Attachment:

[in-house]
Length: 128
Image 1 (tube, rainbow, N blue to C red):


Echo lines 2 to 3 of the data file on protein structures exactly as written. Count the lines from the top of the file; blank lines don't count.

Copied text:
Length: 128
Image 1 (tube, rainbow, N blue to C red):